On December 16 each year Cram and two of his contemporaries are honored by the Episcopalian Church.
Category Archives: Ralph Adams Cram
The Parish of All Saints, Ashmont
The Parish of All Saints, Ashmont in the Dorchester neighborhood of Boston, built 1891-1892 was the first church designed by Ralph Adams Cram, a collaboration with fellow Visionist Bertram Grosvenor Goodhue, who was working for Cram’s firm and later became a partner. The picture above by Consigli is from the parish’s website,which includes information on the church’s history and architecture, as well as more gorgeous pictures of the interior.
Above: Rendering by Goodhue of the planned building. Below: Photo by Paul Weber of the exterior. Both courtesy of Cram & Ferguson archives.
Above: Sculpture in the upper part of the reredos (screen behind the altar), reminiscent of Goodhue’s designs for Visionist publications. From the parish website.
Against an epoch
Men against an epoch; is it not that after all? One by one in this last night, the beautiful things have disappeared, until at last, in a world grown old and ugly, men, forced to find some excuse for the peculiarity of their environment, have discredited even beauty itself, finding it childish, unworthy, and unscientific: not only beauty in Art, but beauty in thought and motive, beauty in life and death, until the word has become but a memory and a reproach. This is the condition that demands the new chivalry. The fight against Paynims and dragons was the work of a carpet knight compared with this ; yet in this fact is there any cause for discouragement? God forbid! But whatever the issue, the Quest lies clear in sight, and he would be craven knight indeed, who would shrink from this new ‘siege perilous.’
From the editors’ introduction to the first issue of the journal The Knight Errant, published by Elsevir Press, 1892.
According to Ralph Adams Cram’s autobiography, the editors included Bertram Grosvenor Goodhue, Francis Watts Lee, F. Holland Day, Herbert Copeland, and Cram. “Paynims” means “pagans” in the medieval European sense. Text from Archive.org/JSTOR Early Journal Content.
Above: “The Knight Errant” by British Pre-Raphelite painter John Everett Millais, 1870. Oil painting at the Tate Britain. The Pre-Raphaelites were favorites of the Visionists.
Ralph Adams Cram
Ralph Adams Cram (1863-1942) was an architect and writer based in Boston. He is best known for his churches and public buildings, which include the Cathedral of St. John the Divine in New York and key buildings on the campuses of West Point, Princeton U., Rice U., U. of Southern California, and others, and both bridges between Plymouth, MA and Cape Cod. The Berkeley Building (aka The Old John Hancock) in Boston’s Back Bay was designed by his firm shortly after his death and pays tribute to the style he established. He also served as Head of the Architecture Department at MIT.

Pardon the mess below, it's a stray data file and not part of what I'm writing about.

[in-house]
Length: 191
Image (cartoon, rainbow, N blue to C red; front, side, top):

Cram grew up in New Hampshire and moved to Boston to pursue architecture, landing a job at a firm with the help of family friends. He also worked briefly as an art critic for a local newspaper. After winning a small amount of money in an architecture contest, he traveled to Europe with a close friend. This trip had a major impact on him– it inspired his lifelong interest in pre-Renaissance art and architecture, and during his visit to Rome he was inspired to convert to Anglo-Catholicism (ie the Church of England, now better know in the US as Episcopalianism).
One of Cram’s heroes was pre-Raphaelite art critic John Ruskin, who advocated a neo-Gothic approach to architecture, applying medieval principles to modern applications. Cram championed this style in the US, a reaction to the neo-Classical styles he felt had been overused and cheapened here.
In the 1890s Cram was a key figure in Boston’s bohemian scene and a member of the Visionists. During this time he wrote two books he later described as “indiscretions,” both published by fellow Visionists Copeland and Day. Black Spirits and White is a book of ghost stories inspired by his travels in Europe. The Decadent is a dialogue between two Visionist-like characters, one who advocates Christian Socialism and another who argues that Western civilization is in a period of decline (”decadence”) and advocates inaction.
Cram founded an architecture firm in 1889 with partner Charles Francis Wentworth. Visual artist and architect Bertram Goodhue moved to Boston to work for the firm as a draftsman and later became a partner. He also became a member of the Visionists. Both Cram and Goodhue had strong visions of their own, and Goodhue eventually moved on. In 1913 the firm changed its name to Cram and Ferguson.
In 1916, Cram masterminded an elaborate pageant titled “The Masque of Power” to celebrate MIT’s move from Boston’s Back Back to its current home in Cambridge. He recruited about 1700 participants in costume and a professional choreographer, and cast himself as Merlin.
Recommended further reading:
My Life in Architecture by Ralph Adams Cram (out of print but check your library)
The Architecture of Ralph Adams Cram and his Firm by Ethan Anthony
Above: Portrait of Ralph Adams Cram by F. Holland Day about 1890. Print in the Library of Congress.
Above: Ralph Adams Cram on the cover of Time magazine, 1926.
Above: Ralph Adams Cram dressed as Merlin for “The Masque of Power” pageant celebrating MIT’s move to Cambridge, 1916. From the MIT Museum.
If you are familiar with MIT you may be familiar with this image which hangs in the “Infinite Corridor” as part of a display commemorating the move.